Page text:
Like reacquainting with an old friend, I started to relive the joys of painting again. I chose to do something for myself and it felt great.

From there I started finding more opportunities to do more of what I loved. With each act of self-love, I continued to discover other parts of me that I had left behind or long forgotten.

A beautiful quote by a soulful writer, Beau Taplin, comes to mind, which I believe rings true: “Self-love is an ocean and your heart a vessel. Make it full and any excess will spill over into the lives of the people you hold dear. But you must come first.”

As self-indulgent as it may seem, doing things that bring joy to your heart during divorce is not a self-fish act.

When you do things to look after and love yourself, you become the best version of yourself. Only then, can you give your children all of you and more.

So, what is it that you love or would love to do?

Were there things you wanted to do while married, but couldn’t for some reason (e.g. learn a new hobby, spend more time with family and friends, volunteer, bungee jump, etc.)?

Instead of making excuses about why you can’t do those things, research, make time, plan, find support to care for the kids, and do those things.

If money is a factor then that’s an opportunity to be creative. Brainstorm ways you in which you can engage in similar activities that will bring you joy.

In my case, I traded in big expensive canvases for small sheets of watercolor paper. I also swapped acrylics and oils to watercolor paint. Not only did this make painting more affordable, but less messy too.

Another example is my substitute for a trip to a Day Spa. A full afternoon of professional pampering may be out of reach, but soaking in a hot bath (uninterrupted), donning a face mask, with added bath salts, a good book, and a cup of tea, can make a world of difference to the hamster wheel of life.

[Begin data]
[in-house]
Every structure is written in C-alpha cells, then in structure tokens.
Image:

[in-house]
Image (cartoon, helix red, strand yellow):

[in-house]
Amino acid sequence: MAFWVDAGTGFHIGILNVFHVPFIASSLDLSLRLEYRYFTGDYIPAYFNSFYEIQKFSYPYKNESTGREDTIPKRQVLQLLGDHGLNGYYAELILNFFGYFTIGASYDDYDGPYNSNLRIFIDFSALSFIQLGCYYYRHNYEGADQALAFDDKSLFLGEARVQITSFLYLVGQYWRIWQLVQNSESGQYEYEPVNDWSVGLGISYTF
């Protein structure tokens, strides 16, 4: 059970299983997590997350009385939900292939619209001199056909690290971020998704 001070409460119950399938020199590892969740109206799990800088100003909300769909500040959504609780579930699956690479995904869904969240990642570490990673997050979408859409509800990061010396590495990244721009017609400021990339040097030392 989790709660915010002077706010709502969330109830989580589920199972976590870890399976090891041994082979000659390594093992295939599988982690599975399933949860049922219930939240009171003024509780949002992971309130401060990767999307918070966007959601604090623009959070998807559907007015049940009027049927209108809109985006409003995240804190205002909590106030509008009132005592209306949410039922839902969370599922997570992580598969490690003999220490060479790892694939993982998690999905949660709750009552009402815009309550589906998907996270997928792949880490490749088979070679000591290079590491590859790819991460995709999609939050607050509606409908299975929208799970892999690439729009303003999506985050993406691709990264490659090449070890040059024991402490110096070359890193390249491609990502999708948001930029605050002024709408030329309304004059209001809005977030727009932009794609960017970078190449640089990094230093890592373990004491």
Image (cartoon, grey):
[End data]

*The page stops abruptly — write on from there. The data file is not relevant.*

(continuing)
There’s also plenty of resources and ideas online that show you how to make pampering products with ingredients straight from the pantry. Who knows, you could enjoy the DIY process more than the pampering session itself.

The possibilities are endless!

You, resilient mom, can now make your own decisions, try new things, make new friends, and eventually find someone to love you the way you deserve to be loved.

With a little imagination and some self-love as a foundation, divorce can be the gateway to living your best life and finding your best self.

The post Suffering An Identity Crisis? How To Find Yourself After Divorce appeared first on Divorced Moms.

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Spouse Is Suffering a Midlife Crisis

7 Signs Your Spouse Is Suffering a Midlife Crisis

Spouse Is Suffering a Midlife Crisis

 

Midlife crisis is an emotionally uncomfortable period that some men and women go through between the age of 35 and 65. For most, it is a time of question priorities and adjusting their lifestyle to fit better with their emotional needs.

For others, midlife can bring about a true “crisis,” one that causes them to stray outside the marriage for the affections and attention of a member of the opposite sex. They can question every choice they’ve made during the first half of their life. It is these folks who usually destroy their families and seem to completely change their character and belief system.

Signs Your Spouse Is Suffering a Midlife Crisis

Feeling a Need for Adventure and Change

He goes out and buys a new sports car or Harley. She becomes a bar-fly who comes in at 3:00 am every morning. It’s all about having fun and re-capturing their youth. If your spouse is neglecting things that were once important to him/her in favor of skydiving…something they have never expressed an interest in, they are probably experiencing a midlife crisis.

You have choices in such a situation. Skydiving and hanging out in biker bars is better than sitting home alone wondering what your spouse is up to. Participating a bit in their new found need for adventure can bring you closer together instead of creating the distance that can cause the midlife crisis spouse to start questioning whether or not to stay in the marriage.

Feelings of Depression